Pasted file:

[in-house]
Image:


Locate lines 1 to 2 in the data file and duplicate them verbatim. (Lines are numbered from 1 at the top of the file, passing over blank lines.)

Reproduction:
[in-house]
Image: